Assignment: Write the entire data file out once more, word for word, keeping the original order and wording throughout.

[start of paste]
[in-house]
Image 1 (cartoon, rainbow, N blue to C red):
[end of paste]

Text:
[in-house]
Image 1 (cartoon, rainbow, N blue to C red):